Disclaimer: Slator is not the ultimate authority on academic research and categorization, and these categories are meant to show the general direction researchers are taking.
Improving NMT Output
The most obvious next step for NMT is also the most researched topic. Eight of the 46 research papers recently published on Arxiv deal with improving NMT output in one way or another.
There is research applying facets of predecessor phrase-based MT approaches to current NMT models, experiments on changing what the attention mechanisms of the decoders focus on locally through syntax-based weights, and even applying methods to help NMT models deal with more creative aspects of translation such as handling idioms.
Indeed, there were two papers on idiom translation among the 46 published. One used a blacklist of literal translations of idiomatic expressions to identify literal translation errors in a test set. Another approach added idiomatic expressions in the training data for the models and annotated them for identification.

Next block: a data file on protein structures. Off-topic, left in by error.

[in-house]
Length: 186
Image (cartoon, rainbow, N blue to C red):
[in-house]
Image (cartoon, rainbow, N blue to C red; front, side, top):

Addressing Training Data Constraints
NMT models have been described as “data hungry,” and the higher the quality of the data and the more in-domain corpora there are, the better the system will become.
Seven out of the 46 recently published research papers delved into training data constraints, trying to either figure out why NMT models require specific data or how to address existing known limitations, such as low-resource languages.